News Articles Featured | MARTY KLINKENBERG | EDMONTON JOURNAL | October 26, 2012
Constitutional challenge to Shell oilsands development raised by First Nation, Metis groups
EDMONTON - The Joint Review Panel reviewing Shell Canada’s proposed Jackpine oilsands mine expansion project on Friday ruled that it does not have jurisdiction to consider a constitutional challenge raised by the Athabasca Chipewyan First Nation and a regional band of the Métis Nation of Alberta.
On Tuesday, the groups had argued that the Government of Alberta and the Government of Canada had failed to meaningfully address the impacts of the company’s proposed development on First Nations and was therefore in violation of their treaty rights.
On Monday, the federal and provincial panel will proceed with a public hearing on Shell’s proposal to expand its bitumen mining operations north of Fort McMurray on the east side of the Athabasca River. The company’s proposal calls for increasing its bitumen production from 255,000 to 355,000 barrels per day.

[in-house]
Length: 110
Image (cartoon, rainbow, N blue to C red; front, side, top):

Eriel Deranger, a communications co-ordinator for the Athabasca Chipewyan First Nation, said Friday that the band’s legal team was studying the panel’s 15-page decision against allowing the legal challenge and was preparing a response.
“Our lawyers are reviewing the document to to determine our recourse, but we have always been prepared to take this to the Alberta courts if necessary,” Deranger said. “We are fully committed to be part of the hearing process, but we also feel our questions of constitutional law have to be addressed.”
More than 50 environmental groups and human rights organizations, including Amnesty International, are supporting the Athabasca Chipewyan First Nation’s attempts to block Shell’s efforts to extend work in an existing lease area.
Environmental groups are especially concerned because Shell’s own assessment of the project predicts that it will contribute to a regional loss of habitat that could have significant affects on birds and wildlife, including woodland caribou and wood bison.
The panel, which includes representatives from Alberta’s Energy Resources Conservation Board and the Canadian Environmental Assessment Agency, will convene the hearing at 1 p.m. Monday at MacDonald Island Park in Fort McMurray.
Approximately 15 groups, including five First Nations, Syncrude and the Government of Canada, will appear before the panel to debate the merits of the project.